viable defense. I am puzzled at why any non-attorney would think he or she could successfully handle a litigated matter without an attorney highly qualified in the area of law in question. This is comparable to doing delicate surgery yourself or a loved one if you are not a surgeon. The law is very complex, litigation rules and procedures are very complex, the strategic considerations are very complex, and the area of foreclosure litigation is something even most attorneys know nothing about as explained above. Every case is different, what might be possible in this situation would depend on the exact details and legal issues in your case. Only a really qualified foreclosure defense will know how to even figure out what those are. An attorney who reallyunderstands how this works needs to hear all the details.
If you care how this turns out, I urge you to find an experienced attorney who is knowledgable about
foreclosure defense to represent you. I see pro se people in court all the time. It is sad and frustrating to me - they are lost, cannot possibly know enough to be effective, and of course, they get walked all over, even when their issues are "winnable".
Unfortunately a lot of homeowners end up in this situation because they do not realize that once you get behind in assessments any money remitted goes to pay attorneys' fees, interest and late fees first. The assessments, by statute, are paid last.
Florida also does not recognize any defense to not paying assessments. This is because the association is a non-profit organization and their only income is from assessments. The association cannot waive attorneys' fees because if they do then that means your neighbors are paying for the legal fees you created by not paying.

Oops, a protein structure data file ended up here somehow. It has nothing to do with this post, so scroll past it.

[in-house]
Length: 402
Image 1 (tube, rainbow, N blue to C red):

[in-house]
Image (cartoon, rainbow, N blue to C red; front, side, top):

The condo association probably did not fix the walls because they were not required to do so. Most condo associations are only responsible for the outer walls and anything inside the walls that is shared. If the pipe that burst serviced more than one condo, they might be liable, but if the pipe was servicing just your mother's condo, then you mother is liable for the repairs. Either way, the association is rarely liable to replace the sheetrock.
It's an unfair system created by developers. It sounded like a good idea in theory, but it has a lot of problems.
Your mother's only options at this point are to pay the judgment in full or, if she has income, file for a Chapter 13 bankruptcy and put the judgment into repayment spread over five years.
She should hire an attorney who is familiar with bankruptcy and association liens.
P.S. I do agree that it would be worth looking into Chapter 13, but she needs to hurry. If she is otherwise a good Chapter 13 candidate, a Chapter 13 filing would stop the foreclosure and allow her to pay the total due to the association in equal monthly payments over 60 months.